In other words, which journalists end up getting the bulk of our defense strongly depends on who defines journalism, and if the defenders of press freedoms are themselves neither journalists in the true sense of the world, nor free nor independent in that they are beholden to ulterior motives and agendas driven by hidden "clients" and "customers", domestic or foreign, the entire concept becomes an unfortunate farce that is hard to take seriously. A mockery made out of a legitimate defense of important rights ends up increasingly lying hollow to the public and fails to generate anything but cynical and exasperated responses.  Still more unfortunate that these standards are applied haphazardly, when violations of press-related freedoms in the West are overseen under the guise of political correctness or out of old colonialist mindset that Western countries are by definition above and beyond scrutiny on issues related to freedom of the speech.

The suspect defamation standards in UK and France, the Holocaust denial limitations in Germany, Austria, and other countries, the hate speech concerns on US campuses and in various private publications are all issues that should be vigorously debated and criticized, because such limitations ultimately erase basic freedoms and ultimately pave way to creeping authoritarianism, serving best Muslim Brotherhood an assorted dictatorships seeking to rebuild Western Societies in their own image by taking advantage of the excess of concern for various protected groups' feelings and unwillingness to face and ignore offense.

So long as the Western press is willing to ignore, dismiss, overlook, or excuse away attacks on journalistic freedoms in the West, there is little hope of any real protections ever being successfully extended to less open societies. Why should anyone take seriously professions or their representatives who are not fully committed to their own principles in all contexts and who appear nothing more than self-righteous finger-wagging virtue signalling hypocrites when it comes to addressing serious issues?

Indeed, it is becoming increasingly obvious that with the exception of some controversial truth-tellers, the main body of Western journalists is dedicated to retaining reputation in close-knit cliquish circles and access to those who can give them exposure and easy feed to news stories and controversies, rather than to seeking and uncovering unpopular realities that can put them at risk of disfavor with those are pulling the strings.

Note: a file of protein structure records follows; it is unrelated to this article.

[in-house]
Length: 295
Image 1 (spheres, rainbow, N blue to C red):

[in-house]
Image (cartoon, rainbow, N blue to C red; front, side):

What Does Victory Look Like in the Context of Information Warfare?

In the context of abstract psychological operations, "victory" may seem hard to define when clear policy goals concerning the adversary itself are not being articulated, nor followed with any level of consistency. For instance, Russia has largely been abandoned to its own devices in Ukraine, Georgia, Syria, and all over Africa, to take advantage of the US vacuum of power; Turkey has met with relatively feeble resistance in light of its destructive policies in the region, its espionage activities in the US, its unwelcome purchase of S-400s from Russia, and its generally hostile role towards the West and others; Qatar has been successfully playing all sides without any real pushback or consequences from the United States or Europe, Iran  has met with a polarized and incoherent policy response from the United States and open friendship from Europe; and despite tough talk from the Trump administration on China, US is ill-prepared to respond where it matters, with its resources stretched thin by the pandemic and arguably misplaced priorities. China may not wish to invite an open confrontation, just like Iran is avoiding direct combat with US forces, but it can and continues to push the envelope.

Information Warfare is not itself an objective, it's a supportive mechanism towards some broader political or military goal. However, what is clear is that without defining how it could be helpful in ensuring the objective of weakening, destabilizing, and nullifying the enemies of the West, neither objective will be properly fulfilled. What is obvious is that like its adversaries, US and other countries should and could be using information warfare to confuse, distract, and deceive its enemies; it can use strategic and critical communications to turn Iranian regime apparatchiks, conflicting intelligence agencies, and proxies against one another; for instance, or to disclose and discredit effort by fake opposition leaders in dividing the Iranian people opposed to the regime. Similar offensive tactics can be successful against expanding Russian, Chinese, and Muslim Brotherhood influences should the US administration ever figure out and commit to the need to do so; private actors in the meantime can take on that essential role in supporting US interests.